What Is CNC?
Computer Numerically Controlled (CNC) machines are capable of carving complex patterns out of a wide range of materials. Essentially CNC is the attaching of a computer-controlled device that allows the user to program a part, and have the computer drip feed the information straight to the machine. The information is coded into what is called G-code, which gives the programmer control over every aspect of the machine such as the starting point, stopping point, speed, cut rate, ect.

Stepper Motors: How They Work
Stepping motors come in a wide range of angular resolution. The coarsest motors typically turn 90 degrees per step, while high-resolution permanent magnet motors are commonly able to handle 1.8 or even 0.72 degrees per step. With an appropriate controller, most permanent magnet and hybrid motors can be run in half-steps, and some newer controllers can handle smaller fractional steps or micro-steps. All this basically means is that a stepper motor has a center rotor that spins encased in a cylinder that has several (usually 20) teeth, which are also commonly called windings. If a controller sends an electrical signal to one of the teeth, the rotor (under no load) will snap to that point. If the next winding in sequence is then given the signal, the rotor turns to that position. It is possible, however, to energize two windings at different amounts and micro-step the drives.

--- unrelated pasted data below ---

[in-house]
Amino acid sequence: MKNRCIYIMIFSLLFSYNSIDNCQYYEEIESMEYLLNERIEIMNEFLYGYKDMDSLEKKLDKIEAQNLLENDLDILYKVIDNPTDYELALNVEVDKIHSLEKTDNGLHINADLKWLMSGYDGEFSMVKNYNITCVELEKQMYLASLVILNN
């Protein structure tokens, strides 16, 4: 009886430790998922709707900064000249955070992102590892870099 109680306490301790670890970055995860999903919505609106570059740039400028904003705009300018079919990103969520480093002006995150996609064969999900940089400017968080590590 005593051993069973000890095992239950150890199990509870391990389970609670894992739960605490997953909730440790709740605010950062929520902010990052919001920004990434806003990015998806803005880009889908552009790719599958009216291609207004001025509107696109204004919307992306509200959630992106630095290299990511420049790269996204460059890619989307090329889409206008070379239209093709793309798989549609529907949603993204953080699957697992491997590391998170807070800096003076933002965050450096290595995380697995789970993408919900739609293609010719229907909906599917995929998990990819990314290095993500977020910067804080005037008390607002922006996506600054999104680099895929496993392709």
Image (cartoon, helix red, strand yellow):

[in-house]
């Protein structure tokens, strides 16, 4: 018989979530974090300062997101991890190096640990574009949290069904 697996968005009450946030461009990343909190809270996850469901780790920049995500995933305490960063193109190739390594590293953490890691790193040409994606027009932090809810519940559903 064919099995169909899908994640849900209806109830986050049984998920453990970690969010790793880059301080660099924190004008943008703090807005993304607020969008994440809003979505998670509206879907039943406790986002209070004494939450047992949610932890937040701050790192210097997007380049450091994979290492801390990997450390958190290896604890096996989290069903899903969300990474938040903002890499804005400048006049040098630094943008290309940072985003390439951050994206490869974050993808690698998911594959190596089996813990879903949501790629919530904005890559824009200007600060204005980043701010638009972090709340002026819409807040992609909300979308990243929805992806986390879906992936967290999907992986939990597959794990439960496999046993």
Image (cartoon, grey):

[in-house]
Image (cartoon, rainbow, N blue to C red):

Benefits of Retrofitting
If you compare the costs of retrofitting versus purchasing new equipment, the benefits are in favor of retrofitting by a long shot. A typical new CNC mill might run $30,000-60,000 while a similar retrofitted mill might cost a third to a sixth of that amount. Another important benefit is accuracy, which new computer controls can handle up to ten times more accurate signals than other OEM CNC controls. The downside of retrofitting is that it is not always easy to find suitable machines for the process as they are often thrown out or junked due to their age. Assuming a person was comparing the two options for a new machine purchase, retrofitting can be quite a cost-saver.